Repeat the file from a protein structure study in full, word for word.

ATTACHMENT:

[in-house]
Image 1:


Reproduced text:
[in-house]
Image 1: